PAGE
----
Michigan 2-2 5-2 112.5 112.6 111.5 112.2
Indiana 0-4 3-4 104.8 104.9 105.2 105.0
Michigan St. 4-0 6-1 103.7 105.5 104.8 104.7
Maryland 1-3 3-4 100.9 102.3 100.6 101.2
Rutgers 2-2 3-4 95.5 95.4 95.0 95.3
             
West Division            
Team BTen Overall PiRate Mean Bias Average
Wisconsin 4-0 7-0 122.0 118.9 120.7 120.6
Northwestern 2-2 4-3 111.2 109.6 111.3 110.7
Iowa 1-3 4-3 110.1 110.2 109.9 110.1
Minnesota 1-3 4-3 103.7 104.7 102.9 103.8
Purdue 1-3 3-4 103.1 103.1 103.6 103.3
Nebraska 2-2 3-4 100.7 101.8 99.6 100.7
Illinois 0-4 2-5 88.2 89.5 86.9 88.2
             
Big Ten Averages     108.7 108.5 108.5 108.6
             
Conference USA
East Division            
Team CUSA Overall PiRate Mean Bias Average
Florida Atlantic 3-0 4-3 94.5 96.9 95.9 95.8
Marshall 3-0 6-1 94.0 95.2 95.8 95.0
W. Kentucky 3-1 5-2 92.5 92.1 93.5 92.7
Middle Tennessee 1-3 3-5 84.3 85.5 84.9 84.9
Florida Int’l. 2-1 4-2 83.7 84.0 84.5 84.1
Old Dominion 0-3 2-5 82.4 85.0 82.5 83.3
Charlotte 1-3 1-7 72.0 74.3 72.3 72.9
             
West Division            
Team CUSA Overall PiRate Mean Bias Average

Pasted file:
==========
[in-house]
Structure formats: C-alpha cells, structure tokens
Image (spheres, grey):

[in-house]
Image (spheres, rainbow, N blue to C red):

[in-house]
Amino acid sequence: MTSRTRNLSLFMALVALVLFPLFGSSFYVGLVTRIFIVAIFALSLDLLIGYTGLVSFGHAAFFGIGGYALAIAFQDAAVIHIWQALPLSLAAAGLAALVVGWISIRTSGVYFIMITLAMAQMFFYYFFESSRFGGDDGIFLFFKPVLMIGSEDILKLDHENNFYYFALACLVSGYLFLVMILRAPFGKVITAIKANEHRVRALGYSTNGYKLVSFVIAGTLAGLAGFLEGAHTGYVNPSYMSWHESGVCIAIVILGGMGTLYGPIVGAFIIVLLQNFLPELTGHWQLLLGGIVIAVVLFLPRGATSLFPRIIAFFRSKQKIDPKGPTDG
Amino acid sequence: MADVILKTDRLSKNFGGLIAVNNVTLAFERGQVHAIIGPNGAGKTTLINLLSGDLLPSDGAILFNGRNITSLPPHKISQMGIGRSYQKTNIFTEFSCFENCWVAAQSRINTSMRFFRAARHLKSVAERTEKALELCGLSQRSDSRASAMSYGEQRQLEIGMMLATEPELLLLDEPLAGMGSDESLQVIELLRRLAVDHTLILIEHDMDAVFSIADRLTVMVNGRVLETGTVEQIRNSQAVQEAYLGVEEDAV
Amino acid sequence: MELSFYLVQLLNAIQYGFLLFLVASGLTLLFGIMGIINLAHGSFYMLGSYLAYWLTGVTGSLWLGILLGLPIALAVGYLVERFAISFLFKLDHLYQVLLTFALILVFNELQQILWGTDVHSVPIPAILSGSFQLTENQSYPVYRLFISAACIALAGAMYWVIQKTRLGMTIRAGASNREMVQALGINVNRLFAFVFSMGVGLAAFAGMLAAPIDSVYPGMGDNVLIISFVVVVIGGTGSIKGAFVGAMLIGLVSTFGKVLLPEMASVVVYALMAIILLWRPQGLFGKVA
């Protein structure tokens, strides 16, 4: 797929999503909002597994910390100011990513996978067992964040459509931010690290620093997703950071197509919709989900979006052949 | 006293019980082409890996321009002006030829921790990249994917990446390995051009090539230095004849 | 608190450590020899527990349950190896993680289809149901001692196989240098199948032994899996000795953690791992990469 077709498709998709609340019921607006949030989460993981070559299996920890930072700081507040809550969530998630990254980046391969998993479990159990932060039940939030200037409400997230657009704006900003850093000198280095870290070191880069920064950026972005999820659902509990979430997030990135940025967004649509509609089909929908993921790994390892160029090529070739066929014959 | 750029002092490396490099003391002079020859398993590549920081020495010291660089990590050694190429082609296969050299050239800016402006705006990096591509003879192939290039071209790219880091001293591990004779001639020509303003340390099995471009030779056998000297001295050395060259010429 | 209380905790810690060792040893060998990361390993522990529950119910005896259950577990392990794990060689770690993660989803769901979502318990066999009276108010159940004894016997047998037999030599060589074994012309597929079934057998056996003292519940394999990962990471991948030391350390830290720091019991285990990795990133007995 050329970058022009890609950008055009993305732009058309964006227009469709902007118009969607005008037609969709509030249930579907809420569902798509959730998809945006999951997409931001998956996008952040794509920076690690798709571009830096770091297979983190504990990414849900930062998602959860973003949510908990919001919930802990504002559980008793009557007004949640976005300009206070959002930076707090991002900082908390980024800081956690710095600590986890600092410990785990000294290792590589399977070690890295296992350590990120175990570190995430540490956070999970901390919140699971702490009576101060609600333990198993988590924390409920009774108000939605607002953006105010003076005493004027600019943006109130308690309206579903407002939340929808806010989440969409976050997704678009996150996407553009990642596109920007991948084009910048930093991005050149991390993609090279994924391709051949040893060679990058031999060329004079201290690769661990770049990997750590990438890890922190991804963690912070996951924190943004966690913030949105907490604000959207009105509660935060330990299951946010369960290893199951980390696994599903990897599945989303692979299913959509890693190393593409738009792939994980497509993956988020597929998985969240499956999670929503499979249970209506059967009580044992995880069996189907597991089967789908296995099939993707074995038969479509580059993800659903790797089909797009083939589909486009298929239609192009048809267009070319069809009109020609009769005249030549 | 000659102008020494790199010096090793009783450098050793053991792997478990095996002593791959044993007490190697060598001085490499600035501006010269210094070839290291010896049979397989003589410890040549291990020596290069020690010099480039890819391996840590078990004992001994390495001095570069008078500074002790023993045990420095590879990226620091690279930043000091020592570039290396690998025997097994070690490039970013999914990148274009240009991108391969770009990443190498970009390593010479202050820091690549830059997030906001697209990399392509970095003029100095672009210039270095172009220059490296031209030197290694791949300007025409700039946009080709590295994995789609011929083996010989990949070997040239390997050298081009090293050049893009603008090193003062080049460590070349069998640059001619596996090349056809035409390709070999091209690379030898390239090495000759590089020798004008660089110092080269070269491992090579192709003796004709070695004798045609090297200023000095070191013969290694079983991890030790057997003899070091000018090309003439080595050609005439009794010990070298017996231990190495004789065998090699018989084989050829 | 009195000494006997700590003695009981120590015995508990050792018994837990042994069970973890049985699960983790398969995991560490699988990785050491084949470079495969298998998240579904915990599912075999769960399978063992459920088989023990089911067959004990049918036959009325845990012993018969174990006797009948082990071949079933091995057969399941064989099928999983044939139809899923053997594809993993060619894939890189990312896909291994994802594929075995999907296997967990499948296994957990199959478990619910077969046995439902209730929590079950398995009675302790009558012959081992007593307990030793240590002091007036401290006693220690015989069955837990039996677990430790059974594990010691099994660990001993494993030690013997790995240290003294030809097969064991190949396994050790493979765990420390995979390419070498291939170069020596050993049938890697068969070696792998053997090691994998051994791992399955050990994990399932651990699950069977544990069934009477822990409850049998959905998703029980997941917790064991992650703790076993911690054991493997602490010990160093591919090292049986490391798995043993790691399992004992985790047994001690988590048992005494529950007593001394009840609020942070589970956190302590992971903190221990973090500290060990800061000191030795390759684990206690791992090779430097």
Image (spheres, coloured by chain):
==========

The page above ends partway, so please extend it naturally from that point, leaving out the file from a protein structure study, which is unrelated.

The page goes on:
U T S A 1-2 4-2 92.4 94.4 93.7 93.5
Louisiana Tech 1-2 3-4 88.4 90.1 89.2 89.3
Southern Miss. 3-1 5-2 87.4 88.6 87.9 87.9
N. Texas 3-1 4-3 82.9 84.6 83.4 83.6
Rice 1-2 1-6 75.1 76.2 75.4 75.6
UAB 2-1 4-2 72.5 75.8 74.5 74.3
U T E P 0-3 0-7 72.0 75.0 72.2 73.1
             
CUSA Averages     83.9 85.6 84.7 84.7
             
FBS Independents
Team   Overall PiRate Mean Bias Average
Notre Dame   6-1 121.0 119.5 121.8 120.7
Army   6-2 97.8 97.9 98.3 98.0
BYU   1-7 88.9 88.8 88.3 88.6
Massachusetts   1-6 88.5 87.9 88.6 88.3
             
Indep. Averages     99.0 98.5 99.2 98.9
             
Mid-American Conference
East Division            
Team MAC Overall PiRate Mean Bias Average
Ohio U 3-1 6-2 94.8 95.9 95.8 95.5
Miami (O) 2-2 3-5 88.4 90.5 89.7 89.5
Akron 3-1 4-4 86.9 89.3 87.4 87.9
Buffalo 1-3 3-5 85.2 87.5 87.2 86.6
Bowling Green 1-3 1-7 78.7 79.6 79.1 79.1
Kent St. 1-3 2-6 77.0 78.6 77.3 77.6
             
West Division            
Team MAC Overall PiRate Mean Bias Average
Toledo 3-0 6-1 102.2 102.2 103.7 102.7
Western Michigan 3-1 5-3 99.4 98.2 100.5 99.4
Eastern Michigan 0-3 2-5 95.9 95.5 96.3 95.9
Northern Illinois 3-0 5-2 94.0 93.9 94.9 94.2
Central Michigan 2-2 4-4 91.2 92.1 91.6 91.6
Ball St. 0-3 2-5 70.7 72.9 71.9 71.8
             
MAC Averages     88.7 89.7 89.6 89.3
             
Mountain West Conference
Mountain Division            
Team MWC Overall PiRate Mean Bias Average
Colo. State 4-0 6-2 105.8 104.6 105.9 105.4
Boise St. 3-0 5-2 103.9 102.2 103.7 103.3
Wyoming 2-1 4-3 95.6 94.3 94.5 94.8
Utah St. 2-2 4-4 94.5 93.7 94.3 94.2
Air Force 2-2 3-4 92.5 93.1 92.8 92.8
New Mexico 1-3 3-4 91.4 91.2 92.0 91.5
             
West Division